A place in the sun
Second homes in exotic locations, especially in Asia, are becoming more popular and yields can be surprisingly high, writes Chris Davis
LIFE'S A BEACH for the wealthy - or more correctly, a private beach with a luxury villa. Certainly, that's the dream of the millions who aspire to the trappings of wealth: hectares of private space and all the time in the world to enjoy it.
But luxury properties serve a purpose other than the pursuit of an opulent lifestyle. They are one of the safest and most rewarding of investments, often appreciating in value even when the broader market is sluggish.
And as up-and-coming areas tap into the worldwide boom in second-home ownership and investment opportunities, developers are catering for new buyers of luxury homes by offering secure, managed communities in spectacular locations with many on-site amenities.
Andy Street, a partner with Tawan Properties, says high-end properties are typically in exclusive areas and in limited supply. 'High-end property never goes out of fashion, so often it is a safe investment. Buying now may seem expensive, but as prime sea view and beach front locations run dry, the value of luxury properties is certain to rise,' he says.
Tawan Properties specialises in real estate in Phuket that appeals to investors seeking a combination of personal lifestyle usage and high rental or capital appreciation. Often the investments are held for a medium term of about five years where market value increases can significantly exceed the returns on other asset classes.
Mr Street says high-end properties are usually more immune to market fluctuations than other types of property investment in Phuket. This is because they are in short supply, whether already built or off-plan, and because demand from corporate executives, wealthy retirees and investors with operations and business in Asia is almost unlimited.
Mr Street says the emergence of private and bank-led overseas investment funds buying into high-end Phuket developments for investment purposes has trebled in the past 12 months.
'Our owner clients have experienced market value rises of 40 per cent in just two years, more when you take into account the rental income and foreign currency gains. High-end property transactions completed five years ago have tripled in value and there are examples on the island of properties released only 12 months ago being resold with a 100 per cent gain,' he says.
David Simister, chairman of CB Richard Ellis in Thailand, says luxury properties in sought-after locations are in limited supply which consequently drives up their value.
Mr Simister says the Royal Phuket Marina scheme in Phuket is one of the last chances for investors to secure a property in a prime location overlooking the sea. Phase one, which comprises 66 condominiums, has accrued 100 per cent capital growth, according to the developer. He says it is the capital growth and medium- to long-term returns if the property is leased to other users that make the luxury property market a worthwhile asset class.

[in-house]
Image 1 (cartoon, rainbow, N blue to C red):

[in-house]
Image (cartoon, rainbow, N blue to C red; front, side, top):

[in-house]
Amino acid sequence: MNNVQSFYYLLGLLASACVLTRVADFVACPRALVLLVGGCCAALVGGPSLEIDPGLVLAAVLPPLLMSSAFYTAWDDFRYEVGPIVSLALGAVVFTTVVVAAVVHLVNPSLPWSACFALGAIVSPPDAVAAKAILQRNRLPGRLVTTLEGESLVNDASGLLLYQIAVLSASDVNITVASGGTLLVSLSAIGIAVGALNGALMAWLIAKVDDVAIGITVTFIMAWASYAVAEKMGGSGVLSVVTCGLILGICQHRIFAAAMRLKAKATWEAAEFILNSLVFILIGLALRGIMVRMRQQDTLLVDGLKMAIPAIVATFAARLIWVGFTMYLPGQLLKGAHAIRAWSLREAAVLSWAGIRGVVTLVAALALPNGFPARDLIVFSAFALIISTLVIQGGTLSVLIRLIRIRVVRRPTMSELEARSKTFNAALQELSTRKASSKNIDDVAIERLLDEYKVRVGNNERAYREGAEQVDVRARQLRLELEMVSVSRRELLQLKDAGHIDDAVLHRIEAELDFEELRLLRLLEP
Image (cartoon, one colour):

'Investing in the Phuket real estate market has proved to be one of the best investments many investors have ever made. Those who have bought property in properly developed and well managed projects have seen their capital investment grow by between 50 and 100 per cent,' he says.
Vietnam, with its rising economic status, is also being touted by a growing number of property developers as the latest luxury property hot spot in Asia.
Rick Mayo-Smith, chief executive of IndoChina Land, which manages a fund that acquires and develops properties in Vietnam, says buying into a new urbanisation, or an area where new transport links give access to more remote locations, can ensure rapid growth in resale value. However, the investor may have to wait several years for such gains to come to fruition.
Mr Mayo-Smith says an example of this is Vietnam's Central Coast, which has several prestige brand operators entering the market, including General Hotel Management, Banyan Tree, Four Seasons, Raffles and Hyatt. He says the creation of this critical mass of luxury properties can solidify the high-end image of the area and enhance the value of luxury properties associated with the brands.
'Vietnam is a relatively new destination for many investors but places such as China Beach and The Nam Hai are gaining worldwide exposure and gaining in popularity. We are seeing growing numbers of investors realising that Danang-Hoi An will be one of Asia's next sought-after leisure destinations for high-end tourism, capital growth and preferred location,' Mr Mayo-Smith says.